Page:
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BioMed Research International
Volume 2015, Article ID 475392, 7 pages
Review Article

SLC4A11 and the Pathophysiology of Congenital Hereditary Endothelial Dystrophy

1Department of Ophthalmology, Ross Eye Institute, School of Medicine and Biomedical Sciences, The State University of New York at Buffalo, 1176 Main Street, Buffalo, NY 14209, USA
2SUNY Eye Institute, Buffalo, NY 14214, USA
3Research Service, Veterans Administration Western New York Healthcare System (VAWNYHS), Building 20, 3495 Bailey Avenue, Buffalo, NY 14215, USA
4Department of Physiology and Biophysics, The State University of New York at Buffalo, 124 Sherman Hall, Buffalo, NY 14214, USA

Received 27 March 2015; Accepted 17 May 2015

Academic Editor: Marta Sacchetti

Copyright © 2015 Sangita P. Patel and Mark D. Parker. This is an open access article distributed under the Creative Commons Attribution License, which permits unrestricted use, distribution, and reproduction in any medium, provided the original work is properly cited.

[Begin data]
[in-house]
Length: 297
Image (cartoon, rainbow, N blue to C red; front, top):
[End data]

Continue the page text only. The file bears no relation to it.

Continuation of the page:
Congenital hereditary endothelial dystrophy (CHED) is a rare autosomal recessive disorder of the corneal endothelium characterized by nonprogressive bilateral corneal edema and opacification present at birth. Here we review the current knowledge on the role of the SLC4A11 gene, protein, and its mutations in the pathophysiology and clinical presentation of CHED. Individuals with CHED have mutations in SLC4A11 which encodes a transmembrane protein in the SLC4 family of bicarbonate transporters. The expression of SLC4A11 in the corneal endothelium and inner ear patterns the deficits seen in CHED with corneal edema and hearing loss (Harboyan syndrome). slc4a11-null-mouse models recapitulate the CHED disease phenotype, thus establishing a functional role for SLC4A11 in CHED. However, the transport function of SLC4A11 remains unsettled. Some of the roles that have been attributed to SLC4A11 include H+ and permeation, electrogenic Na+-H+ exchange, and water transport. Future studies of the consequences of SLC4A11 dysfunction as well as further understanding of corneal endothelial ion transport will help clarify the involvement of SLC4A11 in the pathophysiology of CHED.